American Music of Grace and Grief in Louisiana, featuring Rotary Downs, and Marc Broussard

By Daniel Garrett

Rotary Downs, Traces (Rookery Records, 2014)

Marc Broussard, A Life Worth Living (Vanguard Records, 2014)

It has been a time of mourning in Louisiana music culture recently—with the death of the great musician Allen Toussaint (1938 – 2015), while touring in Spain, and that of singer-songwriter Jillian Johnson (1982 – 2015) while attending a film—she was among those attacked while in a Lafayette theater by a gunman.  The music has its losses but it is also what people turn to—along with family and prayer and food and sports—to get through their days: and some of the music that has been embraced are recordings by Glen David Andrews (Redemption), BeauSoleil with Michael Doucet (From Bamako to Carencro), Brother Dege (Folk Songs of the American Longhair), Chubby Carrier and the Bayou Swamp Band (Zydeco Stuff), Cowboy Mouth (Go), The Garden District Trio (Then and Now), Givers (New Kingdom), Nigel Hall (Ladies and Gentleman…), Lost Bayou Ramblers (Gasa Gasa Live), The Jason Marsalis Vibe Quartet (The 21st Century Trad Band), Nicholas Payton (Numbers), The Rebirth Brass Band (Move Your Body), Zachary Richard (Last Kiss), and Christian Scott (Stretch Music).  Valcour Records has released I Wanna Sing Right: Rediscovering Lomax in Evangeline Country, a box set produced by Joel Savoy and Joshua Caffery, with new French and English interpretations of folk songs gathered by Alan and John Lomax, featuring Marc Broussard, and Anna Laura Edmiston, Tiffany Lamson, Zachary Richard, Steve Riley, Ann Savoy, and, among others, Cedric Watson and David Greely.  Marc Broussard’s solo recording A Life Worth Living is worth consideration too, as is Traces by Rotary Downs.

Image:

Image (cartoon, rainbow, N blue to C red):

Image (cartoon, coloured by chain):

The rock band Rotary Downs’ album Traces is the work of a band that seems intent on suggesting consciousness—the cosmopolitan and the local, the enlightened and the deranged.  Its passion is roving.  Lead singer and guitarist James Marler and guitarist Chris Colombo, keyboard player and percussionist Anthony Curccia, bassist Jason Rhein, bassist and guitarist Alex Smith, drummer Zack Smith are Rotary Downs. “Orion” is fast, with light beats and expanding rhythms, fine and intense; for a song that is broadly existentialist—about individual life and the human condition.  The wordless, chanting chorus near the end does recall 1960s rock.  With a clear warm sound, and observant—even critical—lyrics, the song “Tent City” is about social vulnerability, economic marginality.  “I see god, I see god,…I see odd, I see odd” comes the declaration in the uptempo rock song “Anthony’s Odyssey,” easily moving from reverence to irreverence (the song mentions as well a night train in Marrakech).  The band Rotary Downs is not interested only in life in the provinces and parishes—it pursues the world.

“Country Killers,” on Traces, is textured, especially the choral voices, male and female—it has a really good arrangement.  The lyric references in “Incognito,” a busy, cheery song, are to international scenes; and it has several shifts in structure.  “You’re my type, a total stranger,” declares the narrator—which is, obviously, very funny in its honesty and lack of sentimentality.  Somewhat lamenting (voice), yet whimsical (music) is “The Sandwich Islands.”  The song “Flowers in Bloom” has a very fast, dense sound.  “AKA Godzilla” is a bright sound experiment.  Traces is a good short album, more expansive in sound and subject than anticipated.